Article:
[racket-dev] Fwd: Q. about "Directly Reflective" paper

From: Robby Findler (robby at eecs.northwestern.edu)
Date: Wed Nov 17 07:15:37 EST 2010

IMO, this is what one should expect from someone when an error is
pointed out in their paper.

It is a bit surprising to me that something like that got thru at
HOSC, of all places, tho.


On Tue, Nov 16, 2010 at 11:41 PM, John Clements
<clements at brinckerhoff.org> wrote:
> Well, he's generous about it; here's what he had to say.
> John
> Begin forwarded message:
> From: Aaron Stump <aaron-stump at uiowa.edu>
> Date: November 16, 2010 5:58:42 PM PST
> To: John Clements <clements at brinckerhoff.org>
> Subject: Re: Q. about "Directly Reflective" paper
> Reply-To: astump at cs.uiowa.edu
> Hi, John.
> I think you are right about this.  Lambda abstractions evaluate to
> #procedures in Scheme R5RS, and so it is not possible to take a cdr or car
> of one of these.  I have no idea why I wrote this (four years ago -- there
> was a major lag between acceptance and publication at HOSC).  I will add a
> note to my web page about this, and possibly upload a revised version of the
> paper without this incorrect statement.
> Aaron
> On Tue, Nov 16, 2010 at 4:18 PM, John Clements <clements at brinckerhoff.org>
> wrote:
>> I'm reading your paper, "Directly Reflective Meta-Programming," and I got
>> stuck early on a remark of yours about Scheme:
>> > A meta-programming language is scope safe (or hygienic) iff variables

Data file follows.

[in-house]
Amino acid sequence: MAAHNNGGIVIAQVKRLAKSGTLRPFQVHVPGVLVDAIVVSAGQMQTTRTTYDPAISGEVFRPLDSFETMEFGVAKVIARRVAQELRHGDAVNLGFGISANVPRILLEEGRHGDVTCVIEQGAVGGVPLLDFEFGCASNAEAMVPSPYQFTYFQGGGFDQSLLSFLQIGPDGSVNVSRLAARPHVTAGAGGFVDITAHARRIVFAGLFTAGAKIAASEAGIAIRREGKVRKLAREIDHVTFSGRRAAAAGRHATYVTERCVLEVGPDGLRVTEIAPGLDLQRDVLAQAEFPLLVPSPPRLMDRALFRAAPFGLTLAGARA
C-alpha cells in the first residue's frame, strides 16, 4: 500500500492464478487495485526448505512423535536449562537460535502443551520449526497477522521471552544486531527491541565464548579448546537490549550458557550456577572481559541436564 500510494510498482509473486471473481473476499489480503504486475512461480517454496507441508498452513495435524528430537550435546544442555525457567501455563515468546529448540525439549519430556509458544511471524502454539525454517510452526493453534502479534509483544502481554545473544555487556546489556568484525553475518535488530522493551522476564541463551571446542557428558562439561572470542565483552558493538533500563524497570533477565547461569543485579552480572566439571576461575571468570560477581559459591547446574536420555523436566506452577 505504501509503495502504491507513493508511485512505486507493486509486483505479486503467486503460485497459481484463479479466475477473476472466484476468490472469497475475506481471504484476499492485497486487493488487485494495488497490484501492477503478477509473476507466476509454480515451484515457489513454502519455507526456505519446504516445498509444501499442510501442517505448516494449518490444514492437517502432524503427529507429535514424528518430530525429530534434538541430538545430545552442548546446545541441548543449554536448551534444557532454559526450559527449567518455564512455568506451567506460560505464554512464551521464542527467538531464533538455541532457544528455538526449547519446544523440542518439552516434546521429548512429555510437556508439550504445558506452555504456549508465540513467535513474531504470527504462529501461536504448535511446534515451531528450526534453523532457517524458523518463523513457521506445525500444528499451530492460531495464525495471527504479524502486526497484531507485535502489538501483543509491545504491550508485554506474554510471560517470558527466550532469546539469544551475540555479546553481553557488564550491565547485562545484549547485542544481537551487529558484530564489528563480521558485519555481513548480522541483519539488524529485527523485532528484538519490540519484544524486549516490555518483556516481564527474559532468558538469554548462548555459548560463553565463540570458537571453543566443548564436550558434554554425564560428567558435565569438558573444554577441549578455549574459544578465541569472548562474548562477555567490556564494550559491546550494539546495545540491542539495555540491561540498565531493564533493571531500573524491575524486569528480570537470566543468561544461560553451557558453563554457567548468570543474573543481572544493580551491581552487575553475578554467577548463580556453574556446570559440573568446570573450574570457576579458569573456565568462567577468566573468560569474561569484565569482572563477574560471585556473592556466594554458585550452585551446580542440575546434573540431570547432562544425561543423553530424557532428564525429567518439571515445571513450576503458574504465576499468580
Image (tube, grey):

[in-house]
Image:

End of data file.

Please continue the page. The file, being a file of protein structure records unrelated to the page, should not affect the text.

>> > may not be captured or escape their scopes during computation. Dynamic
>> > variables in Emacs LISP and Common LISP are a good example of a violation of
>> > scope safety [30, 24]. Scheme R5RS’s macro language is designed to be scope
>> > safe [21]. Other constructs in Scheme R5RS, however, enable violation of
>> > scope safety, even though the language does not have dynamic variables. For
>> > a violation of scope safety in spirit, though not technically, we have that
>> > (caddr ’(lambda (x) x)) evaluates to x. According to the R5RS language
>> > definition, ’(lambda (x) x) is a literal expression, and hence the
>> > occurrences of x in it are not variables at all, but just (unscoped) literal
>> > data. So in this example, a variable has been created (namely, the resulting
>> > unquoted x), but not by means of removing it from its scope. Using
>> > quasiquotation, however, the example may be modified to give a true
>> > violation of scope safety. The following expression extracts the variable x
>> > from its scope, by transforming the binding lambda expression into a piece
>> > of literal data, and then extracting and evaluating the quoted variable.
>> > ((lambda (y) (eval ‘(car (cdr (cdr ’,y))))) (lambda (x) x))
>> This looks pretty goofy to me.  Do you know of R5RS implementations that
>> actually allow you to peel apart a 3d value like this?  Racket (nee
>> MzScheme) certainly doesn't.
>> Thanks!
>> John Clements
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